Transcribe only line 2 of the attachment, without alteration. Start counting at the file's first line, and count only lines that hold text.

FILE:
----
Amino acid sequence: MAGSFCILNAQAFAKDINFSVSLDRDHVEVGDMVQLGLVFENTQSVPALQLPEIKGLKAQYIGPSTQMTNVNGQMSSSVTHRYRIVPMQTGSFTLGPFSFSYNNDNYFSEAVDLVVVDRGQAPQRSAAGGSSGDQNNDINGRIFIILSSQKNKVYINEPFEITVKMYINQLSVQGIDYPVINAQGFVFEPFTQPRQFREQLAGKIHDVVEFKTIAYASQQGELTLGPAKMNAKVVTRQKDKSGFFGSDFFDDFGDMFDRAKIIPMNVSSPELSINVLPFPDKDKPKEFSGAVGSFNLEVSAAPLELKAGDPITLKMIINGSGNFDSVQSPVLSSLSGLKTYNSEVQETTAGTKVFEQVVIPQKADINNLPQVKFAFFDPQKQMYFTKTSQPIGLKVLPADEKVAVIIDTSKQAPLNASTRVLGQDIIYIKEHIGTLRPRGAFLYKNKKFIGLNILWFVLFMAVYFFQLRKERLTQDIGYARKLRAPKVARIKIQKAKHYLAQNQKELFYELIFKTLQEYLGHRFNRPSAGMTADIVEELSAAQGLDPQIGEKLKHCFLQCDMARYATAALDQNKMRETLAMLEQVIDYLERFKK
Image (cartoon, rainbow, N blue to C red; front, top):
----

Image (cartoon, rainbow, N blue to C red; front, top):